Maybe you’ve read the article David Byrne wrote for the Guardian about how the Internet will suck all creative content out of the world. I’m not sure I agree with him. I think creativity can be really enhanced by the Internet. I think creativity will take new forms because of the Internet. The old model of the music industry obviously no longer applies. But there are artists like Macklemore and The Weeknd using the Internet to reach audiences. I think in general, the Internet has made audiences much smaller–there’s so much content out there now. But is that a good or a bad thing?
David Byrne is down on Spotify, and I don’t blame him. But I use it to listen to music these days, for one reason–it makes it really easy to find new bands. Not only does it recommend bands to me based on what I’ve already listened to, but I can follow my friends and even music artists to see what they’ve been listening to. You can share playlists with people. There’s probably more it can do that I haven’t figured out yet.
We are a family of otakus. Every week, Shonen Jump (manga) gets downloaded to our tablets; I am currently reading Death Note (all 108 volumes); my daughter writes her own Sword Art Online stories; my son is in the Manga-Anime Club at school; my other son wishes he was Naruto; my wife has a Totoro purse; we have watched everything ever made by Hayao Miyazaki, including his 1978 TV series, Future Boy Conan; and we think that Ghibli’s Joe Hisaishi is the best film composer in the world.
However, I fully understand why anime doesn’t work for some. You either stop at Pokemon or roll your eyes at the Meido fetishes. Too many robots, too much whimsy . . . just too weird.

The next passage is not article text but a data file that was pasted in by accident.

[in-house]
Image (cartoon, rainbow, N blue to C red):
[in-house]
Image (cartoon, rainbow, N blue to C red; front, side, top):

But you have to give Space Brothers a try. We are absolutely in love with this series. As I said to Rebecca today — and I really mean it — I would choose Space Brothers over GoT or Sherlock right now. Yes. It’s that good.
Funny, sweet, epic, Space Brothers tells the story of be-afroed, hapless genius Nanba Mutta, who wants to be an astronaut. Alas for Mutta’s self esteem, his brother Hibito beat him to it.
That’s all I am going to say. Watch at least the first episode and fall in love. We subscribe to Crunchyroll and stream over the Xbox. I am sure there are unofficial ways to get it too.
Don’t know if we’ve ever gone down this morbid highway to discuss the very best songs about shuffling off the mortal coil, but it seems like as good a time as any. So dredge the lake for the very best of them and make your nominees. Mine is this one from Elbow: Switching Off.
Are there episodes of your favorite shows that really stand out in your mind? I was just recently rewatching Mad Men and the episode “The Suitcase” (season 4, episode 7) came up. That is truly a perfect episode, right down to the song that plays over the closing credits. If you knew nothing else about the show other than that episode, you would still recognize it as a truly exemplary television series. Continue reading →
It seems many of you found The Fall. Not exactly the most cheery thing ever filmed. I hope you are also able to find The Returned/Les Revenants. It is the best thing I’ve seen on telly all year. Stylish French zombie fare par excellence. Luther is also back, so spool that up too, and cover yourself in Cockney bombast.
Recommended this time is Jane Campion’s Top of the Lake, a BBC/Sundance production set in New Zealand (so barely Euro!). You know Campion from The Piano, from which she brings Holly Hunter as one of the lead actors.
I’m only one episode in, so it’s a difficult show to properly describe. Imagine Twin Peaks crossed with The Killing but a little more subdued (at least compared with Lynch). A young pregnant girl goes missing in the remote community of Laketop and cop Elisabeth Moss (Mad Men) is brought in to investigate. Hunter plays a Log Lady-esque weirdo who last saw the girl. Etc.